After the loss of her husband of 37 years, she realized she was adrift. As she began to heal she also came to realize that she lost a part of herself during the seven years that she had been caring for him. After six months of drifting, she finally took some good advice and tried something she had never done before, Salsa dancing. Rister enjoyed it so much that you can now find her on the dance floor three or four nights a week, often dancing past midnight. Her advice to caregivers who need help moving on and are not sure how to start is: “Put yourself in a program or take a class. Take an interest in something.” In addition to her Salsa and Mambo dancing, Rister “mixes it up” by participating in an Israeli-folk dancing group in Claremont lead by certified Ayurvedic Practitioner, Yael Steinfeld. Israeli-folk dancing was a passion of her husband’s and the couple often attended, even as his health began to wane. “All ages and backgrounds are welcome to join in with this joyful celebration of folk music.” Rister says.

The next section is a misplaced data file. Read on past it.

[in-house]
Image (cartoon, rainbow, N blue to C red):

Between her husband and herself, they have three beautiful daughters and three beloved grandsons. When one of Rister’s grandsons was diagnosed with Celiac disease, she found herself experimenting in the kitchen to make tasty dishes that would meet his dietary restrictions as well as some of her own (she’s a type 2 diabetic). She started recording all her new recipes and ended up writing a cookbook for those with Celiac disease and glucose intolerance, called the Gourmet Cookbook of Life.                                                 
        What keeps Rister dancing and creating? “I love life,” she says, “It’s attitude that’s so important about life in general. It’s my philosophy that keeps me healthy and young. I look at life in a positive manner with everything I do.”